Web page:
The building block that Avantium has focused on to date is 2,5-furandicarboxylic acid (FDCA), which is a five-carbon-ring monomer that can be used for the production of the polyester polyethylene-furanoate (PEF). PEF is expected to compete with polyethylene terephthalate (PET), which is made from the six-carbon-ring monomer purified terephthalic acid (PTA), in applications such as beverage bottles, other packaging materials, diapers, carpets and textiles.

Frank Roerink, Avantium’s CFO, says that PEF can compete with PET on both price and performance, while offering a better environmental footprint, in part because it is bio-based and 100% recyclable. In fact, PEF is said to be superior to PET in several properties, including lower permeability of oxygen, CO2 and water, and an enhanced ability to withstand heat. Roerink says that the cost to produce FDCA is expected to be below $1,200 per metric ton (m.t.) when produced on a commercial scale, whereas the current price of PTA is $1,500/m.t., with a five-year trading average of about $1,200/m.t.

Avantium announced in June that it has raised €30 million for the construction and operation of a pilot plant in Geleen, the Netherlands, and for the development of materials based on YXY building blocks. This funding includes €25 million from investors, as well as a €5-million subsidy from the Dutch Ministry of Economy, Agriculture and Innovation. The pilot plant is expected to yield around 40 m.t./yr of FDCA in 2011, and a plan is under review to go to a larger scale in 2013. The goal of the pilot plant is to prove the process, as well as to supply material for application development. Roerink explains that Avantium’s business model is as a technology provider, so they would not produce PEF themselves, but would license the technology for it.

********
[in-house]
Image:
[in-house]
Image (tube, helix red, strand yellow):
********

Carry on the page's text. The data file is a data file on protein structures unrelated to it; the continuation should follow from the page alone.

The company is also looking to pursue other YXY-based materials, such as polyamides (nylons and engineering plastics), polyurethanes (foams), thermosets (resins, coatings and adhesives) and plasticizers.